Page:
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fact that publishers have not put out many collected works of directors and
film critics, or film-related “kōza,” which are collections of fundamental
essays that often help define a field, is an indication of the continued low
cultural status of cinema in Japan. The few of these that exist are then very
important in providing access to writings otherwise hard to find, even if they
can be limited. The Gendai Nihon eigaron
taikei is a godsend collection of postwar criticism and theory, but only
covers 1945 to 1970. The essay collections for Kinema junpō and Eiga hyōron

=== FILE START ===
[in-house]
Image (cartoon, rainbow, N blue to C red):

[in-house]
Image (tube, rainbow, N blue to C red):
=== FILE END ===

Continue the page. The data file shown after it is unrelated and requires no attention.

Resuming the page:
are valuable, but only a drop in the bucket, and Makino’s reprints help those
access monographs that are otherwise out of print. Japan has seen the
publication of several kōza-like series in recent years, which follow up on the
groundbreaking Kōza Nihon eiga and
are a boon to the discipline.
The link provided gives access to a search list of all the volumes in the Kōza collection. However, each volume may also be accessed individually. For example, the first volume may be found under the same publisher and the title, Nihon eiga no tanjō / 日本映画の誕生.